Physiology of Muscle contraction:
Muscles contract to produce force, the actin and myosin filaments within the sarcomeres of muscle fibers bind to create cross-bridges and slide past one another, creating a contraction.
The events of muscle contraction:
- During a normal resting state of a muscle, the muscle membrane is in a polarized state, this occurs because:
- The interior of the muscle cell is negatively charged. It contains a large concentration of potassium ions.
- The exterior of the muscle cell is positively charged. It contains a large contraction of sodium ions.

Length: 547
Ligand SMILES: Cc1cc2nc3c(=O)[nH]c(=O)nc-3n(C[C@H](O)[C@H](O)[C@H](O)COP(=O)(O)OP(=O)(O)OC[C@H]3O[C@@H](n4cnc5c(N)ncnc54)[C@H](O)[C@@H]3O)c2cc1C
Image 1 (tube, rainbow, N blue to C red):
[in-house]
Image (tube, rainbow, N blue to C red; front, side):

- For a contraction to occur there must first be a stimulation of the muscle in the form of an impulse from a motor neuron. A motor neuron stimulates a number of muscle fibers within a muscle.
- The Nerve impulse reaches the muscle fibers of a Neuromuscular Junction, it stimulates a reaction in each sarcomere between the actin and myosin filaments. This reaction results in muscular contraction.
- When the muscle contraction is over, acetylcholine is destroyed by the acetyl cholinesterase.
- Now, Potassium ions move into the cell and sodium ions get out of the cell. ATP is re-synthesized allowing actin and myosin to maintain their strong binding state. This produces repolarization of the muscle membrane. Now the muscle is ready to contract again.